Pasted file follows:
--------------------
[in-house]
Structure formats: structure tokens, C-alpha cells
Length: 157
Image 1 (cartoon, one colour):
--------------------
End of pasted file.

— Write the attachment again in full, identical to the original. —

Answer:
[in-house]
Structure formats: structure tokens, C-alpha cells
Length: 157
Image 1 (cartoon, one colour):